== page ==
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How many outcome-specific endpoints are evaluated? 3
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What is the (or one of the) endpoint(s) evaluated? (Each endpoint listed separately) Blood pressure (SBP and DBP)
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List additional health endpoints (separately). 2 Heart rate
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List additional health endpoints (separately).3 Aortic stiffness (forward compression wave [FCW], forward expansion wave [FEW], wave reflections [WR], beta [beta index of stiffness], epsilon [Peterson's pressure-strain elastic modulus], wave speed [WS])
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List additional health endpoints (separately).4
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List additional health endpoints (separately).5
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List additional health endpoints (separately).6
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Clinical, physiological, other Physiological
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What is the study design? Controlled Trial
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Randomized or Non-Randomized? NCT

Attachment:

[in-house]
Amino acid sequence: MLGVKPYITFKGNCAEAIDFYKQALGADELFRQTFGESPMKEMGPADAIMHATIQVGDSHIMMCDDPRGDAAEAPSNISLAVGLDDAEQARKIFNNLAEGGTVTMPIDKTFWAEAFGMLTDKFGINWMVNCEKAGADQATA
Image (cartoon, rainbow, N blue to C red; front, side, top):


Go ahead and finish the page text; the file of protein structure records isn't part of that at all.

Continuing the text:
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What were the diagnostics or methods used to measure the outcome? Objective
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Optional: Name of Method or short description Non-invasive vascular studies were performed with a SSD 5500 ultrasound machine (Aloka, Tokyo, Japan) using a 7·5-MHz linear array probe incorporating a 5-MHz Doppler transducer. Blood pressure (BP) was recorded in the upper right arm immediately before each scan (Omron 750CP; Omron, Kyoto, Japan) .
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Caffeine (general) Caffeine (general)
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Coffee, Chocolate, energy drink, gum, medicine/supplement, soda, tea, other?
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Measured or self reported? Measured
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Children, adolescents, adults, or pregnant included? Adults
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What was the reference, comparison, or control group(s)? (e.g. high vs low consumption, number of cups, etc.) Non-exposed controls
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What were the listed confounders or modifying factors as stated by the authors? (e.g. multi-variable components of models.  Copy from methods) None
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What conflicts of interest were reported? No information provided
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Refid 17087778
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What were the sources of funding? No information provided
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Results & Comparisons

No Results found.